Taxi sector briefed on new bank

TRANFORMATION: The ECTTC, based in East London, visited the Chris Hani area to inform public transport industry role players about the pending establishment of a co-operative bank to help finance them, led by its CEO, Dr Nokuthula Mbebe Picture: ANDISA BONANI

The Eastern Cape Transport Tertiary Co-operative (ECTTC) hosted an information-sharing session with public transport industry role players in the Chris Hani area about the imminent establishment of a co-operative bank, at the Queens Casino and Hotel last week.

The bank, which is set to be in full swing next year, will benefit taxi and bus owners by financing them, since the majority have a low credit score and are usually rejected by financial institutions.

ECTTC chief executive officer (CEO) Dr Nokuthula Mbebe, indicated that the purpose of the co-operative bank was to introduce those in the public transport industry to the mainstream economy, where they would no longer depend on transporting people as their sole means of making revenue.

We also want them to own the value chain of the industry they are in. They need to be in the businesses of owning fuel stations, selling car parts and the likes, so that their revenue circulates around them.”

Mbebe said the establishment of the bank would assist in financing the public transport industry role players when they needed to purchase vehicles for their operations.

Taxi owners usually have a low credit score because they get their money in cash and spend as such, thus eliminating cash flow in their bank accounts. This disables them from getting to buy vehicles because they are rejected by financial institutions. They end up being financed by those with high interest rates, leading them to not affording payment and having their assets repossessed,” she said.

The CEO said the aim was to formalise the public transport industry so that participants may become entities that could also be contracted by government.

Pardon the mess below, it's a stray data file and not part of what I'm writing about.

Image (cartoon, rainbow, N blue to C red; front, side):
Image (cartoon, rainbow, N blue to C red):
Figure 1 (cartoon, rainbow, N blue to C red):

We are also looking for the industry members to use the labour relations act when employing drivers so they may get benefits and payslips as employees. We have already started with this in some areas, some have medical aid schemes and pension funds which they were not eligible for previously.”

Mbebe said the bank would drive the transformation of the public transport industry for the betterment of the livelihood of its role players, and that it was important for them to join the lower structure co-operatives to benefit from it.

Queenstown Uncedo Taxi Association chairperson Sandi Mgobo said the establishment of the bank would yield much-needed assistance for taxi owners and drivers.

We really need financial support for the men and women in our industry, but that needs to be preceded by finance management workshops so that members are empowered and taught how to handle money. I have spoken to Mbebe about this in our recent meeting and told her how our industry can be transformed so that there is development and members are able to put food on the table.”

Officials from the provincial department of economic development and the national treasury department which are in support of the bank and will finance it, also made presentations for the industry players about their involvement.

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